Place can be a difficult word to define. It’s a location and a context all in one, but it has other associations too. For example, “what a beautiful place” means one thing, and “know your place” means something else entirely. “What place did you finish?” has a different meaning still. So, what does it mean to have a relationship with a place? And how does the music we make represent that relationship?
I’ve been exploring these questions for the past few years. The mystery will last me a lifetime, I believe. I won’t run out of places here in Alaska to experience, nor do I expect to run out of new sounds to describe them. I hope my own music will become part of this landscape and its people by capturing the give and take of our deep connection with one another and with our environment.
I came to understand that give and take a little better through a recent composition commission. I was asked to write music that focused not so much on the beauty of our landscape as on our responses to adversity. I heard an unstated assumption in the commission: Alaskans' deepest connections with this place, the ones most worth writing about, are grounded in a sense of adversity. To be sure, some of us embrace a frontier mentality of plucky defiance in the face of harsh winters, big wildlife, and existential isolation. But I’d like to offer another perspective.
I was lucky to spend three summers leading up to the COVID-19 pandemic as the sole musician at Mt. McKinley Princess Wilderness Lodge. There, in the middle of a vast expanse of austere wilderness, I made friends and kept in touch with loved ones. I filled my free time with trips through the surrounding backcountry. Some were as short as a quick run up Kesugi Ridge between shifts, and others were as long as 50-mile treks from Petersville to Home Lake then out the Chulitna River. Between trips, I spent more time on music than I ever had before. I was on stage about seven hours per day, I wrote a short album with a friend and producer in Boise plus two concerti for musicians in Bogotá, and I listened to music from all over the world, discovering emerging artists and revisiting old favorites.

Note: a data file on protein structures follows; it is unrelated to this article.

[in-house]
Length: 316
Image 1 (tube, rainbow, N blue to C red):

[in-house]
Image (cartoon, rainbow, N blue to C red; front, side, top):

In a nutshell, I was grounded in Alaska, challenged by its landscape, and at the same time connected with a musical community that spans the globe.
I would love to hear my concerti performed live. I crave live music, because there is an undeniable benefit to being in person -- a benefit that was mostly missing during the pandemic. Yet the people and places of Alaska still inspired me over the past year and drew me deep into new and meaningful relationships, and the lesson I learned during the three summers prior served me well: it is possible to stay in Alaska, stay in touch with friends elsewhere, and continue to grow as an artist all at once.
Perhaps because of the unique relationships we each have with this place, Alaska is worth visiting for its music. We are each shaped in a unique way that can be heard in our music. Because the sound of it is wrapped up in both who we are and where we are, it’s a sound you won’t hear anywhere else.
And that is cause to celebrate! For those of us who are enamored with the beauty of this place, creative to the core, and connected with so much more than an idea of a frontier, there are ways to continue thriving in community and defining what it means to be Alaskan musicians.
Michael Dickerson is an Anchorage composer, writer, and educator. He is a board member at Northern Culture Exchange and a 2020 Rasmuson Individual Artist Award recipient.